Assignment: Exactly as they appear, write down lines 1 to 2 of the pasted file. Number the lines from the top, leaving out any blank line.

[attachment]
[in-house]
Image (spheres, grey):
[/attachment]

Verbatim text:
[in-house]
Image (spheres, grey):